Eden Hall, Eden Valley (Dan Falkenberg)
Gemtree, McLaren Vale (Melissa Brown)
Grindstone, Wrattonbully (Susie Harris)
Grosset – Watervale, Clare Valley (Matthew O'Rourke) Hayes Family – Stone Well, Barossa Valley (Brett Hayes) Henschke – Hill of Grace, Eden Valley (Prue Henschke)
Inkwell, McLaren Vale (Dudley Brown & Irina Santiago-Brown)
Kalleske, Barossa Valley (Kym Kalleske)
Lacey Vineyards – Branson Road, McLaren Vale (Ben Lacey)
Markaranka, Riverland (Brendan Turner)
Mérite, Wrattonbully (Mike Kloak)
Ngeringa – Summit, Adelaide Hills (Erinn Klein)
Oliver’s Taranga, McLaren Vale (Don Oliver)
Orbis, McLaren Vale (Andrew Mackenzie & Richard Leask)
Smallfry – Vine Vale, Barossa Valley (Wayne Ahrens & Suzi Hilder)
Starrs Reach, Riverland (Sheridan Alm)
Yangarra Estate, McLaren Vale (Michael Lane)

Victoria

Cobaw Ridge, Macedon Ranges (Alan Cooper)
Lake Moodemere, Rutherglen (Joel Chambers)
Lethbridge, Geelong (Ray Nadeson)
Place of Changing Winds, Macedon Ranges (Remi Jacquemain & Robert Walters)
Quealy – Winery Vineyard, Mornington Peninsula (Lucas Blanck)
Seppelt – Drumborg, Henty (Larry Sadler)
Solitude Estate, Yarra Valley (Greg Kerr)
Tellurian, Heathcote (Tobias Ansted)
Ten Minutes by Tractor – Spedding, Mornington Peninsula (Ryan Chabin & Imogen Dillon)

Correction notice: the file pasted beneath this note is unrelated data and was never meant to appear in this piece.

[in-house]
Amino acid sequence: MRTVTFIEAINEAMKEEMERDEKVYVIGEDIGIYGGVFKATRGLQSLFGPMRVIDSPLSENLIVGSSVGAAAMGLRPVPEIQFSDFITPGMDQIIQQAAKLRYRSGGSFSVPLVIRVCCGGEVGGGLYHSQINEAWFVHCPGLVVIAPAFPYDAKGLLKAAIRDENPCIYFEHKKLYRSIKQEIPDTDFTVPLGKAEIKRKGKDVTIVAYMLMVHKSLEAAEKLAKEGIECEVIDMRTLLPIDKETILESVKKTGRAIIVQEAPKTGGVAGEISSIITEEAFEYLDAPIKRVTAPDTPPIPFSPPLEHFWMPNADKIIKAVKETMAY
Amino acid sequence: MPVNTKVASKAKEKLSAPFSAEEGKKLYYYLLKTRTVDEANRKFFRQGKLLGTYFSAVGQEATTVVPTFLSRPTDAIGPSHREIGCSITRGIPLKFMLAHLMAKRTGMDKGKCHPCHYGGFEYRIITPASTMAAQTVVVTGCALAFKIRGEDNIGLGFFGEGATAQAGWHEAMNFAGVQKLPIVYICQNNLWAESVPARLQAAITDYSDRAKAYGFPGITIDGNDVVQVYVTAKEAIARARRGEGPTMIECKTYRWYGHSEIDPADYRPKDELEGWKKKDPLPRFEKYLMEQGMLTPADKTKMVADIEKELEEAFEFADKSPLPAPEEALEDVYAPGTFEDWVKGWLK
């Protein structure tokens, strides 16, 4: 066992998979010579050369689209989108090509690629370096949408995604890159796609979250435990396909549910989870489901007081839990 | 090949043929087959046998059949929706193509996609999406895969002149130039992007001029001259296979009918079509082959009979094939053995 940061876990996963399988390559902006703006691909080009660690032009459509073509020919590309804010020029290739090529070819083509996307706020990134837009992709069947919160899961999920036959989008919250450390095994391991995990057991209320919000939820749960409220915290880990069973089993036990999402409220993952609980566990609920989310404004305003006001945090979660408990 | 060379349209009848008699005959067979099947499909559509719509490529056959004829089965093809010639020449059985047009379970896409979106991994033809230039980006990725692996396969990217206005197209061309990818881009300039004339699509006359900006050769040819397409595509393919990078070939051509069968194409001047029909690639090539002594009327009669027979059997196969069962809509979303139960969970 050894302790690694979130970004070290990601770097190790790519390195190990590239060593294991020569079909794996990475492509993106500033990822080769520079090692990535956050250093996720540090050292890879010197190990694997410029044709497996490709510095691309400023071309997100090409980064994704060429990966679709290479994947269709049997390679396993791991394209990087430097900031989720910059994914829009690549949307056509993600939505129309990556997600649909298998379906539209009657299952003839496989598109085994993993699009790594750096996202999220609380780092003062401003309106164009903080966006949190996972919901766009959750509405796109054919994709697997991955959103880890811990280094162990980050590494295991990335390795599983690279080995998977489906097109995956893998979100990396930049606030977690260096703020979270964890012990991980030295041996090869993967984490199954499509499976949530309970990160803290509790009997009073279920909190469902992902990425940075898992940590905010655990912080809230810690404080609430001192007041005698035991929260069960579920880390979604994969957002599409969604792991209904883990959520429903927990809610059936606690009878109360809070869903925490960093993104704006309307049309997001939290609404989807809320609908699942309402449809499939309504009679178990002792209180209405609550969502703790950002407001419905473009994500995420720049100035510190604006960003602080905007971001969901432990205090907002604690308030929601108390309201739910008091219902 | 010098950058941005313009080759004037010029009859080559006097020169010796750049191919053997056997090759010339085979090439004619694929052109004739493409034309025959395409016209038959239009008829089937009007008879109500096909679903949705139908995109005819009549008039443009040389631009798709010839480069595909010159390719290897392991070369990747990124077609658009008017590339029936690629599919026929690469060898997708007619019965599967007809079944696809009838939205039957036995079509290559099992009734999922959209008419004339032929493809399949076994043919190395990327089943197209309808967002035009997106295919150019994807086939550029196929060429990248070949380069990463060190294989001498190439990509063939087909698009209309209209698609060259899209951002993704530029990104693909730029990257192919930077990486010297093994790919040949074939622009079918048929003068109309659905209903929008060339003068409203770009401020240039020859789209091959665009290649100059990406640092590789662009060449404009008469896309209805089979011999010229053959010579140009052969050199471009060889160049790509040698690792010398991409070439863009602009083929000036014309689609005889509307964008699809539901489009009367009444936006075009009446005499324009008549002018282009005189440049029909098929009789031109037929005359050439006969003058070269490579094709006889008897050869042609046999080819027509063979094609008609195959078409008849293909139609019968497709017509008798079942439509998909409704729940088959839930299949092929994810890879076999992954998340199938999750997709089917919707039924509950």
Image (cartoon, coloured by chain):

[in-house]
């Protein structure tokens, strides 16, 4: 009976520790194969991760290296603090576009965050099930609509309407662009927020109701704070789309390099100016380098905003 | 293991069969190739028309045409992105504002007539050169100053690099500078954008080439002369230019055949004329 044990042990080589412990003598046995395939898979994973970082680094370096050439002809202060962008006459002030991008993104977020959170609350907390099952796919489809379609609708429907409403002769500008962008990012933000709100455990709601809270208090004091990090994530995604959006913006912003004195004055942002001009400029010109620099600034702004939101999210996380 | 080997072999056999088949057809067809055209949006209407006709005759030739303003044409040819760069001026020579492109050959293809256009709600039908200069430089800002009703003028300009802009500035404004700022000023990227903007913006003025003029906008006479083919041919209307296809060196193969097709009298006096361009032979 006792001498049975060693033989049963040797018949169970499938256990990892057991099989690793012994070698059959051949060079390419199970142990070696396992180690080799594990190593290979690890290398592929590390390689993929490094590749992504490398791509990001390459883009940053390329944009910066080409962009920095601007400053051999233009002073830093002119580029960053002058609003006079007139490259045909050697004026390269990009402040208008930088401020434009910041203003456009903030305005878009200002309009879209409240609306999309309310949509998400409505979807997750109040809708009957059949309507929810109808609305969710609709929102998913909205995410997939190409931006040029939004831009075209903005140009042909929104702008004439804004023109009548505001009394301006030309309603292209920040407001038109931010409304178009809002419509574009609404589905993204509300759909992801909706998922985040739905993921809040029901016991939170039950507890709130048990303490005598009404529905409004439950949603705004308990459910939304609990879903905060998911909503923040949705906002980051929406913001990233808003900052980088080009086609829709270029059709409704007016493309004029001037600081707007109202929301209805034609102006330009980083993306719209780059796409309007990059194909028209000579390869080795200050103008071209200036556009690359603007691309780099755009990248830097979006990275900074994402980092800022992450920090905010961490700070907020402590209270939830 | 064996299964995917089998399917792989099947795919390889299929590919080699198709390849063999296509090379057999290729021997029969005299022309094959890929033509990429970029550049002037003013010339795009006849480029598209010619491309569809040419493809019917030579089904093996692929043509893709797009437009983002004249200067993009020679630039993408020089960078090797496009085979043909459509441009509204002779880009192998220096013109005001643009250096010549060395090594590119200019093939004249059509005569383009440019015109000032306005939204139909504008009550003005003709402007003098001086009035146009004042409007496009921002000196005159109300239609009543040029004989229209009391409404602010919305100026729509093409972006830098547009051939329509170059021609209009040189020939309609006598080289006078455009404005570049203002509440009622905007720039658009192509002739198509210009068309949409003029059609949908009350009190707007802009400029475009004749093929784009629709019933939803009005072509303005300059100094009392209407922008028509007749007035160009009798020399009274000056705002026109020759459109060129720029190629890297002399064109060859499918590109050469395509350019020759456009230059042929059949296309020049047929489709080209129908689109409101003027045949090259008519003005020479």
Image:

Thousand Candles, Yarra Valley (Stuart Proud)
Weathercraft – Jones Ridge, Beechworth (Raquel Jones)

New South Wales/ACT

Brokenwood – Graveyard Vineyard, Hunter Valley (Katrina Barry)
Margan – Ceres Hill, Broke Fordwich, Hunter Valley (Andrew Margan)
Mount Majura Vineyard, Canberra District (Leo Quirk)
See Saw – Annangrove Park, Orange (Brendan Jarrett)
Tamburlaine – Borenore, Orange (Mark Pengilly & Clayton Kiely)
Topper’s Mountain, New England Australia (Mark Kirkby)
Keith Tulloch – Field of Mars, Hunter Valley (Brent Hutton)
Vinden – Somerset, Pokolbin, Hunter Valley (Angus Vinden)

Tasmania

Devil’s Corner, East Coast (Daniel Watson)
Ghost Rock, Cradle Coast (Izaak Perkins)
Marion’s Vineyard, Tamar Valley (Cynthea Semmens)
Mewstone, D’Entrecasteaux Channel (Luke Andree)
Pooley – Cooinda Vale, Coal River Valley (Hannah Mckay)
Small Wonder, Tamar Valley (Ryan Collins)
Stefano Lubiana, Derwent Valley (Steve Lubiana)

Western Australia

Deep Woods Estate, Margaret River (John Fogarty)
McHenry Hohnen – Hazel’s Vineyard, Margaret River (Simon Keall)
Vasse Felix – Tom’s Vineyard, Margaret River (Bart Molony)
Voyager Estate, Margaret River (Steve James)